I’ve been working with a Belgian company recently to re-define their onboarding process. Faced with a regular influx of young starters, a bored team of “induction presenters” and a realisation that they can do much better, they are revamping their onboarding for the future. This short post simply outlines the activities we have considered – it may give you some ideas. Nothing here is more expensive to implement than the previous processes.
- Recruiters explain the basic onboarding process and give potential starters a flyer about their first weeks in the company
Upon contract signature
- First “handshake tour” of the office
- Give branded “care package” handed-over
- “Welcome video” from CEO waiting in email inbox
- Access to internal Yammer network
Start minus 2-weeks
- Assignment to starters: Introduce yourself on Yammer network
- Information presentations (PPTs, Prezi, video) delivered to starters with important information (compliance, processes)
Start minus 1-week
- Onboarding agenda delivered (and Outlook calendar pre-populated)
- Starters given a joiners company quiz to complete in their own time prior to day 1 – answers can be found in various online resources
Start minus 1-day
- Courtesy phone-call from manager: “Everything OK for tomorrow?”
- First beautiful welcome in reception: We wait for you
- Orienteering game in the office
- Fire drill (do, not tell)
- Short Q+A sessions in place of long classical presentations (you already got the information; now bring your questions)
- Lunch with other new joiners (not manager)
- Answers to quiz questions
- Time at desk with one real job to achieve
- Hand-over laptop, phone etc at the end of the day
Day “2” (or maybe 3…)
- Manager gives first week focus: 3 priorities to be achieved
- Lunch buddy or “parrain”
- Courtesy call from IT helpdesk: “Everything OK?”
- Colleagues start welcoming via Yammer network
End week 1
- First status-update meeting with manager
- Video presentation from CEO: “Company mission, vision and strategy”
- Online satisfaction survey: “Week 1 onboarding”
- Sweets for the weekend 🙂
End month 1
- Meeting with recruiter: Compare notes on recruitment, function and onboarding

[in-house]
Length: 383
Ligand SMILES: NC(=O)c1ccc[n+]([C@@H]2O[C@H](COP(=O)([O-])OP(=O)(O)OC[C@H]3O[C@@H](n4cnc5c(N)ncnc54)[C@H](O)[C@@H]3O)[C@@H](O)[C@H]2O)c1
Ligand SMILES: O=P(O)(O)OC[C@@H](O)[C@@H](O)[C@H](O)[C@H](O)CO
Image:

- Manager sets performance targets for next 2-months
- Meeting with other new starters: Starters present their job/projects to other starters
- Workshop with other new starters: SWOT and company strategy
- Online satisfaction survey: “Month 1 onboarding”
- Networking event with other new joiners
End month 3
- Knowledge (compliance) test regarding specific company processes
- First formal performance evaluation meeting with HR
- First formal performance evaluation meeting with manager
- Online satisfaction survey: “Month 3 onboarding”
End trial period (6 months in Belgium)
- Golden handshake from CEO
- Letter sent home with good news
- Discussion about career development and talent development processes in company
There are many other things that could be done to make onboarding a success (gamify the whole thing??) and I’ll be going through the major principles behind success in future blog posts…
Thanks for reading!
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This post has nothing to do with trainers. Well, sort of. It is about getting a job, getting seen or self-branding..
In 1999, a good friend of mine tried to get a job in a highly esteemed London Ad Agency. He was amongst 1000 hopeful graduates just on the market trying to get into the best spots. Big names, big competition. I wonder how many of them did what he did…
Instead of sending a CV, he sent a plastic moulded cast of his foot. In a shoe box. When the box was opened, there was a simple message: “I need a trainer. Call me” (+ his number).
I suppose that most other people sent in a CV. My guy didn’t. He did what everyone needs to do if they want to get somewhere with the help of other people….
1 – Tune in to the situation, values and needs of the other person
This is key to any “sales situation”, whether it be getting a job, selling a house or service or convincing your friends to come out on a Saturday night. You need to put your active empathy skills into practice and tune in to the other person. You’ve gotta be FAB. The shoe in a box was tuned into the need for creativity and an original dynamic approach.
2 – You have to stand out . You might say: That’s easy in the advertising world, but not in real life. OK, a good point – but I’m not asking you to be creative and wacky all the time. Just different to the other guy. What makes you different? Even if you have a simple classic CV, you have to have something that the others don’t have. A USP.
3 – But don’t bullshit. What I liked about the shoe in the box was that it didn’t make any great claims-to-fame that wouldn’t hold up. The action itself suggested “creativeness” but the need for a trainer underlined a lack of arrogance that needed supporting. Nice. Subtle. But cool.
These lessons may come from a world of advertising and recruitment, but they are valid for a lot of communication situations. Tune into the situation/values/needs of the other, stand out and keep it real.
Thanks for reading.
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